- I’ll just try to be better (and that will help me break my habit). Here’s the truth: we aren’t capable of breaking our habits in our own strength. We can’t just “choose to do good” or “claim the power of God.” Instead, the Bible says we’re transformed by the renewing of the mind. This is an ongoing daily activity.
- I’m already renewing my mind and it’s not working. There are all kinds of ways to renew our mind. When we have our morning quiet time, we’re renewing our minds. But to break a habit, we need to work on taking off the specific lies that are driving that habit. When Satan tempted Jesus in the desert, Jesus didn’t just quote a random Bible verse. He gave a verse specific to the lie. We’re not always as good at spotting lies as Jesus was, so it can help to have a lie spotter. Both the Renewing of the Mind Project and the I Deserve a Donut book and free app can help in spotting lies.
- I can do this on my own. Here’s the truth: It’s hard to make yourself renew your mind on your own. If you’re trying to break a habit, find a friend or a Bible study group that can help you with it. It’s nice to share the camaraderie, and I would say it’s almost necessary to have the accountability. Here’s a blog post that will help with accountability: Getting Started with Accountability.
We’ll also spend some time renewing our minds on the podcast with the following questions and Bible verses:
5 Question That Will Help with Breaking a Habit
- Why do you feel like it’s not a big deal if you break your boundaries?
- If you break your boundaries right now, will you be more inclined to break them later? Why or why not?
- How does the practice of your habit affect the following?
- Your relationship with God
- Your relationship with others
- Your job and/or ministry
- Your health
- Your personal well being
- If you want to break this habit, will you eventually have to make the sacrifice to follow your boundaries all the time, even when it’s hard to follow them?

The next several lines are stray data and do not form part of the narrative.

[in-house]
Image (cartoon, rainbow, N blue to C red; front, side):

- When do you most need boundaries?
Bible Verses That Will Help with Breaking a Habit
Following are the Bible verses we’ll use on the podcast to help us renew our minds:
Romans 13:14 But put on the Lord Jesus Christ, and make no provision for the flesh in regard to its lusts.
1 Corinthians 6:12 All things are lawful for me, but not all things are profitable. All things are lawful for me, but I will not be mastered by anything.
1 Timothy 4:7b Discipline yourself for the purpose of godliness.
1 Thessalonians 5:6 So then let us not sleep as others do, but let us be alert and sober.
1 Peter 5:8 Be of sober spirit, be on the alert. Your adversary, the devil, prowls around like a roaring lion, seeking someone to devour.
If you’d like more help with breaking a habit, check out the following blog posts:
floyd samons says
I remember this one. Excellent point about Paul. If he struggled and Peter struggled, we know it’s a grind that comes with this fallen flesh.
Great wisdom here, Barb.
Barb Raveling says
Sad, but true. Thanks, Floyd!
Good post. Love the questions
Barb Raveling says
Virginia Duckworth says
This is so convicting. The questions are applicable to my habits I’m struggling with right now. Thank you Barb this was so timely!
Barb Raveling says
Hi Virginia! So glad it was helpful!